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Intel, Mobileye Partner with Chinese Automaker SAIC on Self-Driving Cars

With SAIC, Mobileye's chips are installed in the vehicles of 15 Chinese manufacturers

Lilach Baumer 15:5011.01.18

Update January 11: In a press conference at the 2018 Consumer Electronics Show Monday, Mobileye co-founder and CEO Amnon Shashua said that with SAIC, Mobileye's chips were installed in the vehicles of 15 Chinese manufacturers, out of 27 global manufacturers in total.

 

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Among the names mentioned were Baoding, China-headquartered Great Wall Motors Company Ltd., state-owned Dongfeng Motor Corporation and Shanghai General Motors.

 

Mr. Shashua also said that in 2017 Mobileye sold 8.7 million of its system-on-chip devices, EyeQ, meaning their chips are now installed in 24 million cars since they were first introduced into the market in 2014. The company intends to start the serial production of the next generation of chips, the EyeQ4, in 2018.

 

Mobileye also intends to launch 15 autonomous driving projects in 2018, across 14 car manufacturers, compared to six in 2017.

Intel and its subsidiary Mobileye are partnering with state-owned Chinese automaker SAIC Motor Corporation Ltd. to develop autonomous vehicles, Intel CEO Brian Krzanich announced Monday in the opening keynote speech for the 2018 Consumer Electronics Show, held in Las Vegas.

 

 

Intel CEO Brian Krzanich . Photo: IPA Intel CEO Brian Krzanich . Photo: IPA

 

 

Intel and its subsidiary Mobileye are partnering with state-owned Chinese automaker SAIC Motor Corporation Ltd. to develop autonomous vehicles, Intel CEO Brian Krzanich announced Monday in the opening keynote speech for the 2018 Consumer Electronics Show, held in Las Vegas.

 

As part of the collaboration, SAIC will develop autonomous vehicles based on Mobileye's technology in China. Intel will also collaborate with SAIC and NavInfo Co. Ltd., one of China's largest mapping companies, to extend its crowdsourced map building to the country. Called Road Experience Management (REM) and launched in 2016, the technology uses camera-equipped vehicles as agents that harvest local geographical data in real time. The data is transmitted to a map aggregating server, which then passes the integrated map information, called a roadbook, to autonomous vehicles using Mobileye's technology.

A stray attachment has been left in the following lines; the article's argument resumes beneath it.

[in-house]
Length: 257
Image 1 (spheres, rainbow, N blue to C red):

Nissan Motor Co., BMW AG, and Volkswagen AG have already signed agreements with Mobileye to collect driving data from their vehicles if those are equipped with Mobileye chips. The partnerships have been underway before Intel completed its $15.3 billion acquisition of Jerusalem-based Mobileye in August 2017. In his speech, Mr. Krzanich announced that the three automakers will start to deploy the REM technology in their vehicles this year, and consequently, 2 million vehicles will start collecting data for Mobileye's maps throughout 2018.

 

“Data is going to introduce social and economic changes that we see perhaps once or twice in a century,” Mr. Krzanich said. “We not only find data everywhere today, but it will be the creative force behind the innovations of the future."

 

During the show, Mr. Krzanich also unveiled Intel’s first autonomous vehicle in its 100-car test fleet. Mobileye has been testing semi-autonomous cars on public roads in Israel for the past year.

 

On Friday, Mobileye announced an agreement with Spain's Directorate General of Traffic to collaborate on preparing Spain’s infrastructure ecosystem and regulatory policy for the driving of autonomous vehicles. As part of the partnership, Mobileye will also collect road data in Spain.

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